In addition to the timing of when a company is going to make money the next question is what is the company going to do with that money? Is it going to be reinvesting the profits internally for growth or does it intend to distribute those profits out to the owners of the business? Who are your investors going to be? Are your investors going to be friends and family or are you going to be taking money from institutional investor such as venture capital firms or angel investors?

The type of investor that you’re choosing for your business is going to have an influence on the structure of your business, and last but certainly not least, I also asked my founder clients do you expect to issue equity incentives up to your employees. Often times start up companies that don’t have the that the money in their bank to pay their employees fair market wages and as a result they have to bridge the gap by paying some salary but also paying their employees with stock options or equity incentives to get those employees excited about the business and incentivized work hard to grow the value of the business. If the founder thinks of the really not going to need to engage in that sort of activity, then that’s also going to determine perhaps the structure of the business.

Protecting Intellectual Property

Another vital issue for start up companies to consider it a mistake that for better for worse I often see start up companies make is being very careful with protecting intellectual property. A typical scenario that I see with the nascent stage company is they have done some some proprietary software development or develop other sort of intellectual property. Those individuals that have developed intellectual property have not properly assigned rights and intellectual property to the business in writing.

This could again be an independent contractor or consultant who’s been engaged by the business-to-business development work or could be an employee him or herself so again very very important to make sure that these people have in writing assign the rights in this intellectual property to the business so there’s no question down the road for example when the business is going to raise money from investors that the company actually owns the intellectual property that is some of the biggest drivers of the value of the business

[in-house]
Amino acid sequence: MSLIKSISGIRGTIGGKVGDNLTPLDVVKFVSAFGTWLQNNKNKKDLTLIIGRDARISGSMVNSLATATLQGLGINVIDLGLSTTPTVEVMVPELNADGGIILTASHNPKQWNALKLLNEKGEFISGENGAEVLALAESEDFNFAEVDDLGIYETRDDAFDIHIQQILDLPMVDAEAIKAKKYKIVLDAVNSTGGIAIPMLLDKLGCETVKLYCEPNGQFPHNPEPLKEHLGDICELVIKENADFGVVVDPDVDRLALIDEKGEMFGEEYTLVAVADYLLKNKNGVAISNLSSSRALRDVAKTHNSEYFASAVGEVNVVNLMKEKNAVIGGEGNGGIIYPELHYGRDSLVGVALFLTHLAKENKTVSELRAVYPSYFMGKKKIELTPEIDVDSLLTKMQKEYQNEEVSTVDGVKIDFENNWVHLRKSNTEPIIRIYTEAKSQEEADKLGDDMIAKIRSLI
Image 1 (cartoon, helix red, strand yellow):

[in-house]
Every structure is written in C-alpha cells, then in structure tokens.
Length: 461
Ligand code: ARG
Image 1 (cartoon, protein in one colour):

It’s All In The Name

Another mistake that I often see startup companies make, and I can share a war story or two with you about this, is companies not properly vetting or checking the name they choose for their company and the domain names they wish to use. I represented a very promising startup company that shows a name for its business, not only chose a name for its business, but went so far as to print up T-shirts, other knickknacks, market marketing giveaways that they were providing to people at job fairs and other sort of industry events.

After investing a substantial amount of money in this marketing collateral, they got a nasty cease-and-desist letter from another company letting them know that they were using that name already, and in fact they already had a federal trademark of protecting their use of that name and as a result, the startup company really had to start from square one rebrand itself with a new name lost a lot of time money money energy and resources using a name that found out that it couldn’t use because there’s competing uses out there in the marketplace. So always important when you’re starting a business to do obviously something is easy as a Google search to see if there’s any conflicting uses out there. Perhaps check on the US patent and trademark office’s website to see if there’s any pending applications for registration or actually registered marks with the same were somewhat similar names to what you want to use for your business.

You might also consider engaging a lawyer to do a more professional background search on the market you’re intending to use to really search on the federal state and even local town levels throughout the country to make sure there’s no competing uses.

Engaging Employees

Another area where I see start companies often make mistakes deal with employment issues and how companies engage their workforce. As I said earlier employees of can be hard to find the start up companies because oftentimes start companies don’t have the financial resources to pay their employees what the market rate for that employee might be employees can be expensive in other ways. You have to pay them benefits and so oftentimes companies will tend to want to try to contract with outside consultants are independent contractors and move using employees because is a little more flexibility for companies in in approaching the workforce in that way.

The reality is that just by calling an individual  an employee working 40, maybe even more than 40, hours a week, and showing up for work in the office every day, they really don’t have any control around the work product that they’re providing an independent way. For all intents and purposes, they are employee that sort of an individual just by virtue of calling the consultant or independent contractor that’s really not going to change the reality of the situation.